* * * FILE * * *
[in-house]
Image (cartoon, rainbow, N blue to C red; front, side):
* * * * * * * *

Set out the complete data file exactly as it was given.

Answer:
[in-house]
Image (cartoon, rainbow, N blue to C red; front, side):